When HP approached me for a review of the HP Victus Gaming laptop, I thought “Wait, what happened to the HP Omen?” and immediately started searching for additional information. What I’ve found is that HP is covering gaming for both mainstream and budget-conscious markets. It was easy to see it once I started comparing specs and build.
The HP Victus I received is based on an AMD Ryzen 7 5800H processor. This CPU packs a punch, and it is the same one used in a previous HP Omen laptop model just the year before. Similarly, the AMD Radeon RX 6500M GPU (with 4 GB RAM) is the same one used on HP Omen laptops from that time.
Another difference is the display used, which on the HP Victus is a 1920 x 1080 144 Hz 45% NTSC IPS panel, compared to a higher frequency and higher colour gamut coverage on the HP Omen.
Still, knowing the basics are similar to a previous generation of their more mainstream offering, it was worth checking it out.
What I came to find is that the HP Victus is indeed a worthy gaming machine and while the savings are significant you still get a machine that can get you through some good gaming sessions.
To put it through gaming, I used it for some Diablo III gaming before the eagerly anticipated Diablo IV release. The HP Victus helped me take an old Demon Hunter character from L20 up to L70 in no time and didn’t complain. I even had a second external monitor (connected via USB-C) which I used to manage a Twitch stream, which worked just fine, even with game video quality set to high in almost all boxes.
Then Diablo IV came along, and I started playing it. The HP Victus had no problems going through the game with high video settings, but I’ve noticed some frame drops if I started Twitch streaming simultaneously.
The options were either to set the video settings to low or medium and remain streaming or keep the video settings to high and let go of Twitch. Since Twitch was also just an experiment (I really wanted to concentrate on the new game), I decided to keep video settings high, and I don’t regret it. Note that this is with the configuration I received for review, as there are options with other GPU configurations.
The HP Victus did a brilliant job with Diablo IV, a brand new and much more demanding game than its predecessor.
HP even packaged the Omen Gaming Hub software with the HP Victus. This software allows you to configure your laptop for maximum performance during gaming sessions by disabling some services, updating settings and making sure the machine is in optimal condition when games are running.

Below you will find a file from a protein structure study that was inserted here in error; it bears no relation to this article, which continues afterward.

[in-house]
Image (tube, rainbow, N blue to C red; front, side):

Another thing to note here is the availability of video drivers. When I first started Diablo IV the game wouldn't start, with a message box saying the video drivers needed to have a minimum version and the HP Victus was running an older version. Even though I installed the HP Support Assistant and looked for new drivers, none were available from HP, so I downloaded and installed the generic video drivers from AMD, which worked just fine and allowed me to start the game.
The 15.6 inches laptop has a large and comfortable backlit keyboard, which includes a numeric pad, something you won’t even find on more expensive laptops. The trackpad is large and easy to use, quite responsive.
With 16 GB DDR4-3200 MHz RAM (packaged as 2 x 8 GB) and a very capable 512 GB PCIe NVMe SSD, the laptop feels pretty fast for normal operations – browsing, email handling – and some heavier tasks too, although depending on the games you play, I would see if a 1 TB SSD upgrade option is available.
In terms of I/O ports the HP Victus is well served. It comes with a USB Type-C port (the same one I used to connect my external monitor), plus two USB Type-A ports, one HDMI 2.1 port, a headphone/mic combo jack, AC charging pin and even an ethernet port (RJ45). You will also notice an SD card slot.
In addition to the ethernet port (RJ45), you have the option of using Wi-Fi 6 (Wi-Fi 6E is optional), which supports gigabit data rates and improves wireless connectivity for both 2.4 and 5 GHz environments if you have compatible access points.
Most of the time I used the HP Victus while plugged in but I experimented with it unplugged a few times, and the battery (three cells, 52.2 Wh Li-ion polymer) held well, including a long-ish two and half-hour gaming run. In any case, the 150 W AC adapter provides fast charging if needed (specs say 50% in 45 minutes).
There you have it. If you are looking for a laptop that performs exceptionally well for routine tasks and is a good gaming platform, then perhaps check the HP Victus.